Prosecutors in Washington this week filed a murder indictment against Nicholas Slatten, a former Blackwater private security guard.
Prosecutors in Washington this week filed a murder indictment against Nicholas Slatten, a former Blackwater private security guard. ()

Two weeks after a judge dismissed manslaughter charges against former Blackwater guard Nicholas Slatten, federal prosecutors charged him on Friday with first-degree murder.

Slatten was one of a group of ex-Blackwater guards charged with manslaughter in a fatal shooting in Iraq in 2007 that left dozens of civilians dead or wounded. A federal judge in Washington dismissed the case, finding prosecutors improperly used protected statements made by the guards after the incident. The U.S. Court of Appeals for the D.C. Circuit in 2011 reinstated the prosecution.

The appeals court in April said its order reviving the prosecution did not apply to Slatten. Before the trial judge originally dismissed the case, the Justice Department had asked to drop the charges against Slatten. The judge never ruled on that request, though, instead dismissing the entire case.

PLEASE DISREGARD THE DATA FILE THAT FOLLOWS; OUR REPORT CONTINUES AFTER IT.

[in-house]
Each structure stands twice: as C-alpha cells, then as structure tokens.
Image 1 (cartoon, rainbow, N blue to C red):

The D.C. Circuit said that because Slatten was in a different position than the other defendants before the dismissal, it only revived the case as to those other guards. The ruling had a significant consequence for the government: The statute of limitations had run by that time for any manslaughter charge. U.S. District Senior Judge Royce Lamberth dismissed Slatten from the case in late April.

The ruling didn’t block the government from seeking an indictment on another charge, however. In the indictment filed Friday, prosecutors charged Slatten with a single count of first-degree murder in the death of a man, Ahmed Haithem Ahmed Al Rubia’y, killed in the 2007 shooting in Baghdad.

Slatten’s lawyer, Wiltshire & Grannis partner Thomas Connolly, wasn’t immediately reached for comment this afternoon. He previously said he would file court papers accusing the government of vindictive prosecution if prosecutors brought new charges.

A spokesman for the U.S. attorney’s office said in a statement that the government “will attempt to hold Mr. Slatten accountable for this murder and will seek to have him tried alongside the other indicted Blackwater guards.”

A trial against the other three guards still facing manslaughter charge is set to begin in June.

Contact Zoe Tillman at ztillman@alm.com. On Twitter: @zoetillman.